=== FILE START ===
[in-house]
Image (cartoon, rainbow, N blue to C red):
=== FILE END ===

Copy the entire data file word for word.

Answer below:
[in-house]
Image (cartoon, rainbow, N blue to C red):